ECB raises eurozone interest rate despite banking sector fears

Concerns half-point could set off domino effect across financial industry knocked by Credit Suisse crisis

The European Central Bank has raised interest rates across the eurozone by 0.5 percentage points, despite fears that higher borrowing costs could set off a domino effect across a banking sector already reeling from a collapse in confidence in Switzerland’s second largest lender, Credit Suisse.

Officials at the ECB, the central bank covering the 19-member euro bloc, said inflation was likely to remain high “for too long”, forcing it to continue with its planned run of rate increases.

The 0.5 percentage point rise pushes the bank’s main rate up to 3.5%, while the rate paid on eurozone bank deposits left at the ECB increases to 3%.

At its last meeting in February, the ECB clearly signalled its intention to hike the rate this month, but financial markets had been betting on a last-minute U-turn in light of this week’s turmoil.

The decision to push ahead with inflation control measures came hours after the Swiss Central Bank stepped in with a 50bn Swiss francs (£44bn) loan facility for Credit Suisse. The intervention was designed to calm fears over the finances of the lender, one of 30 banks globally deemed too big to fail.

Without referencing the overnight rescue loan, the ECB said on Thursday that its governing council was “monitoring current market tensions closely” and stood “ready to respond as necessary to preserve price stability and financial stability in the euro area”.

In a statement designed to quell fears over contagion in the banking sector, the ECB said: “The euro area banking sector is resilient, with strong capital and liquidity positions. In any case, the ECB’s policy toolkit is fully equipped to provide liquidity support to the euro area financial system if needed and to preserve the smooth transmission of monetary policy.”

Christine Lagarde, the president of the ECB, said the central bank would treat the heightened tensions in financial markets separately from its strategy for bringing down inflation.

While the ECB recognised a link between the two, Lagarde said: “We don’t see a trade-off between price stability and financial stability and handle them separately. We are not waning on our commitment to fight inflation and we are determined to return inflation back to 2% target in the medium term.”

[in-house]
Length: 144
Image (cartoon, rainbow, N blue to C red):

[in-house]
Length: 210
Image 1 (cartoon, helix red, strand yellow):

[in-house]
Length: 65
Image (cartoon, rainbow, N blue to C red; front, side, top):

She added that “there were three or four dissenters” on the ECB’s governing board who had argued for a pause in rate rises, but otherwise it “moved quickly” to a decision in favour of a 0.5% rise.

Fears over Credit Suisse, the world’s 17th largest bank, wiped more than £75bn off the FTSE 100 on Wednesday, with banking stocks across Europe taking a pummelling.

The sell-off was triggered after the chair of Saudi National Bank, the largest Credit Suisse shareholder, ruled out any further investment. The comments spooked markets as they came days after the collapse of the US lender Silicon Valley Bank.

While the share price rebounded on Thursday, speculation is mounting that Credit Suisse will be forced to spin off parts of the business or consider a takeover. Analysts at JP Morgan said withering confidence in its operations left the bank with three credible options: fully closing its investment bank, convincing the central bank to guarantee all of its customers’ deposits and potentially part-nationalise the lender, or welcoming a sale to larger Swiss rival UBS.

Analysts at US investment bank Keefe, Bruyette & Woods agreed that a break-up of the bank was the “most likely solution” to restore trust. “Given recent events, we believe further asset sales are likely, in our view.” Credit Suisse declined to comment.

Thursday’s ECB decision ups the stakes for eurozone banks. Several economists, including Nouriel Roubini, the New York University professor credited with predicting the 2008 banking crash, had warned that a 0.5% interest rise by the ECB could be the trigger for a broad-based solvency problem across the financial industry.

The credit ratings agency Moody’s said the Swiss government’s AAA rating was safe, despite the large loan to Credit Suisse, because Berne’s economic fundaments were strong. The Swiss government had ample firepower to protect consumers and its institutions were “highly effective” and able to deal with financial shocks, Moody’s added.

Josie Anderson, a senior economist at the CEBR consultancy, said the sixth consecutive rate rise by the ECB was aimed at tackling inflation, which remained high across the eurozone at 8.5% in February

“However, this was a bold move in light of the banking sector crisis which has emerged over the past week. Indeed, concerns about financial stability could lead to more moderate interest rate rises in the future.”


Phillip Inman and Kalyeena Makortoff

The GuardianTramp

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